Dust: RAS Press Release and coverage by BBC, BdW, NZ. Ellipticals: RAS Press Release, Astron. Black Holes: Chandra Press Release and coverage by Sp, RP.

The most distant structure of galaxies known

is a protocluster at z=4.1 - the VLT has detected 20 Lyman-alpha emitters within a projected distance of 1.3 Mpc of the luminous radio galaxy TN J1338-1942: paper by Venemans & al., an ESO Press Release and coverage by Sp and NZ.
Weighing the neutrino with the large-scale structure of the Universe - or rather setting a new hard upper limit: paper by Elgaroy & al., RAS Press Release, NSU. Gravitational lens maps Dark Matter: paper by Gray & al., RAS Press Release, BBC.
Velocity dipole of the Universe measured with distant galaxies! Paper by Blake & Wall. Space-time grainy? NSU. Dimming supernovae w/o cosmic acceleration? PNU, BdW.

Big bolide throws Germany into confusion - bright lights, wrong meteorites and in the end a remarkable trajectory

We are slowly learning more about the Universe from a fireball of about -15th magnitude that streaked over southern Germany on the evening of April 6 (at 20:20:18 UTC) - but we have already learned a lot about the lack of knowledge about things celestial among official institutions, the press and the public at large. While to amateur astronomers it was clear immediately that the light in the sky had been a simple though very bright meteor, great confusion reigned for at least another 24 hours for the remainder of the population: the phenomenon was addressed as either a UFO, a piece of comet Ikeya-Zhang (which was 75 million km away that day!) or reentering space debris.

Even the resolution of the »mystery« was a fiasco by itself: When a women who had witnessed the bolide later found a strange »stone« in her garden, it quickly ended up on the desk of a geology professor who declared it a genuine meteorite from the fireball! So there was the proof that the sky lights were a meteor? No way: A real expert soon studied the specimen and identified it as a piece of bitumen (that had ended up in the garden during road works years ago). Still the hunt for real meteorites from the bolide continues: Since it was captured by 7 of the 25 all-sky cameras, the atmospheric (and heliocentric) trajectory was soon be calculated precisely by Czech astronomers, further restricting the likely strewn field to an area in the Alps in the extreme South of Germany.

They have already learned that the body, before its collision with Earth, orbited the Sun on an elliptic orbit that was quite typical by itself for fireballs which penetrate very deep into the Earth's atmosphere and which can produce meteorites. The aphelion of these orbits lies in the main belt of Asteroids and therefore the asteroidal origin of these bodies is inferred. However, the heliocentric orbit of this fireball has one very significant exceptionality: its orbit is the same as the orbit of the first photographed meteorite fall in the history - the Pribram meteorite fall on April 7, 1959! Both orbits are so close that there is no doubt that both bodies have the same origin. This is considered very important evidence for the existence of asteroidal streams and meteorite streams.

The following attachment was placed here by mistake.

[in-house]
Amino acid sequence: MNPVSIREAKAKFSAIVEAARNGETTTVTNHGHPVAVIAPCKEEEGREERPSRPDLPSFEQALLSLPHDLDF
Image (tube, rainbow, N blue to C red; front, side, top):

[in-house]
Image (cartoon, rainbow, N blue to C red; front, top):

The strange case of asteroid 1950 DA

It is the asteroid with - by far - the highest known probability of an impact on Earth, 1:300, but if it happens, it will be in the 29th century. And there is a pretty simple method to get rid of any possible danger long before calamity strikes. As the original number 1950 DA implies, the asteroid was discovered in 1950, but only recent optical and esp. radar observations have allowed a precise orbit calculation (it's now asteroid number 29,075) - and the discovery of an impact possibility in March 2880. No impacts before that date are possible, and so the strange case is of purely academic nature so far.

1950 DA will come moderately close to Earth again in 2032 and 2074: Then the orbit can be refined much more and the outlook for 2880 will become clearer. If the likelyhood of an impact by that 1-km object goes up a lot, simple remedies are possible: With the help of spacecraft the properties of its surface could be altered so that the Yarkovski effect changes. This effect (that slightly alters a small objects trajectory through the re-emission of solar radiation as heat) is actually responsible for part of the current uncertainty of 1950 DA's future orbit as its actual surface properties haven't been determined yet. (Giorgini & al., Science of April 5, p. 132-6)

The Bolide: a DLR Press Release, a Czech report and a website on the trajectory.
Infrasound data from the event.
Earlier and still earlier AKM and earlier and still earlier CENAP analysis.
News coverage after the "mystery" was no more: AFP, Ananova, NZ (früher), Berliner Zeitung.
Early confused news coverage: Ananova, Reuters, NZ (earlier), Salzburger N., AFP, Vorarlberg Online, Bild, TAZ, Ostseezeitung, Heise, Allgäuer Z., SPIEGEL.

1950 DA: JPL and UA Press Releases and a special page.
Coverage by SD, Dsc, Astron., SC, ABC, New Sci., BBC, CNN, Sp, NZ, RP, BdW, Welt.

The NEO with the highest impact probability